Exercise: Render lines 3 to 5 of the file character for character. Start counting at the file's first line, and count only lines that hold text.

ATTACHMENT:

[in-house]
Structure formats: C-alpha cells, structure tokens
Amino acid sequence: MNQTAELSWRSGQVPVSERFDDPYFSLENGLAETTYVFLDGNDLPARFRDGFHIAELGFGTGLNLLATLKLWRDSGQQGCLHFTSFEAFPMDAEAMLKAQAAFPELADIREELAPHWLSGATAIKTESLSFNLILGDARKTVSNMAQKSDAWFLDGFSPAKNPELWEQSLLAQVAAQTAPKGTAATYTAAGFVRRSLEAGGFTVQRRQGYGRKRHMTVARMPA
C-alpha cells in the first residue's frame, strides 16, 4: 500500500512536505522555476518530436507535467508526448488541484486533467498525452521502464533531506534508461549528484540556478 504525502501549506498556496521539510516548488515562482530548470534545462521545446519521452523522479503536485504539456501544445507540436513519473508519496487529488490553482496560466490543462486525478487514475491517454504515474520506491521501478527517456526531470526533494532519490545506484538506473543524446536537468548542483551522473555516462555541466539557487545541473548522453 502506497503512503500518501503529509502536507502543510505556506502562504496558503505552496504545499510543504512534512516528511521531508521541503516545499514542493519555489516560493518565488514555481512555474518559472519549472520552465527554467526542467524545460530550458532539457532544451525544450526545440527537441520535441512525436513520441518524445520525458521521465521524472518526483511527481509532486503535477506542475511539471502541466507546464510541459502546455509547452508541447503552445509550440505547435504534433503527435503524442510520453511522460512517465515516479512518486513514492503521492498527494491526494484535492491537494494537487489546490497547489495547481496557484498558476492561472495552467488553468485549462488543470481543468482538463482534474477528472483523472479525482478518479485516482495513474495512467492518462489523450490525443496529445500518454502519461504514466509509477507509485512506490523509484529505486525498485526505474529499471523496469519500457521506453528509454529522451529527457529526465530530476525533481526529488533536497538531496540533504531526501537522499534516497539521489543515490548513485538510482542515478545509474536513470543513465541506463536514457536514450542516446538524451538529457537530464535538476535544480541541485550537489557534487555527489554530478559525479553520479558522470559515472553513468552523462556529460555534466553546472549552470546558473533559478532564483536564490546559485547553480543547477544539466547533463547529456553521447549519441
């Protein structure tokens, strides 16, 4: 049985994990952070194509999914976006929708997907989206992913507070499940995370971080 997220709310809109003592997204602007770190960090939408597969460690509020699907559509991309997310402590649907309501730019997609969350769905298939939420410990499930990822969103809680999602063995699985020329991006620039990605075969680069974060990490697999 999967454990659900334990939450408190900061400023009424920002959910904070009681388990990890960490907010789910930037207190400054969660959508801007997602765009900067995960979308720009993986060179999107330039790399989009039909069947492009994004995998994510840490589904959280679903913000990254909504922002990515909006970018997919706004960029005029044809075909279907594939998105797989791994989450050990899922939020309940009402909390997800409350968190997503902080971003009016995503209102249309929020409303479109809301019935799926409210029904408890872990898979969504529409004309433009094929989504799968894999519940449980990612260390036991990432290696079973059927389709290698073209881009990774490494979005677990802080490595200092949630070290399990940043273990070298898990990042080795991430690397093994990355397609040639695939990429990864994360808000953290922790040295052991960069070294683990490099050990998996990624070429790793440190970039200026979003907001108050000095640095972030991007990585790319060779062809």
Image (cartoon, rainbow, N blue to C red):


Amino acid sequence: MNQTAELSWRSGQVPVSERFDDPYFSLENGLAETTYVFLDGNDLPARFRDGFHIAELGFGTGLNLLATLKLWRDSGQQGCLHFTSFEAFPMDAEAMLKAQAAFPELADIREELAPHWLSGATAIKTESLSFNLILGDARKTVSNMAQKSDAWFLDGFSPAKNPELWEQSLLAQVAAQTAPKGTAATYTAAGFVRRSLEAGGFTVQRRQGYGRKRHMTVARMPA
C-alpha cells in the first residue's frame, strides 16, 4: 500500500512536505522555476518530436507535467508526448488541484486533467498525452521502464533531506534508461549528484540556478 504525502501549506498556496521539510516548488515562482530548470534545462521545446519521452523522479503536485504539456501544445507540436513519473508519496487529488490553482496560466490543462486525478487514475491517454504515474520506491521501478527517456526531470526533494532519490545506484538506473543524446536537468548542483551522473555516462555541466539557487545541473548522453 502506497503512503500518501503529509502536507502543510505556506502562504496558503505552496504545499510543504512534512516528511521531508521541503516545499514542493519555489516560493518565488514555481512555474518559472519549472520552465527554467526542467524545460530550458532539457532544451525544450526545440527537441520535441512525436513520441518524445520525458521521465521524472518526483511527481509532486503535477506542475511539471502541466507546464510541459502546455509547452508541447503552445509550440505547435504534433503527435503524442510520453511522460512517465515516479512518486513514492503521492498527494491526494484535492491537494494537487489546490497547489495547481496557484498558476492561472495552467488553468485549462488543470481543468482538463482534474477528472483523472479525482478518479485516482495513474495512467492518462489523450490525443496529445500518454502519461504514466509509477507509485512506490523509484529505486525498485526505474529499471523496469519500457521506453528509454529522451529527457529526465530530476525533481526529488533536497538531496540533504531526501537522499534516497539521489543515490548513485538510482542515478545509474536513470543513465541506463536514457536514450542516446538524451538529457537530464535538476535544480541541485550537489557534487555527489554530478559525479553520479558522470559515472553513468552523462556529460555534466553546472549552470546558473533559478532564483536564490546559485547553480543547477544539466547533463547529456553521447549519441
């Protein structure tokens, strides 16, 4: 049985994990952070194509999914976006929708997907989206992913507070499940995370971080 997220709310809109003592997204602007770190960090939408597969460690509020699907559509991309997310402590649907309501730019997609969350769905298939939420410990499930990822969103809680999602063995699985020329991006620039990605075969680069974060990490697999 999967454990659900334990939450408190900061400023009424920002959910904070009681388990990890960490907010789910930037207190400054969660959508801007997602765009900067995960979308720009993986060179999107330039790399989009039909069947492009994004995998994510840490589904959280679903913000990254909504922002990515909006970018997919706004960029005029044809075909279907594939998105797989791994989450050990899922939020309940009402909390997800409350968190997503902080971003009016995503209102249309929020409303479109809301019935799926409210029904408890872990898979969504529409004309433009094929989504799968894999519940449980990612260390036991990432290696079973059927389709290698073209881009990774490494979005677990802080490595200092949630070290399990940043273990070298898990990042080795991430690397093994990355397609040639695939990429990864994360808000953290922790040295052991960069070294683990490099050990998996990624070429790793440190970039200026979003907001108050000095640095972030991007990585790319060779062809």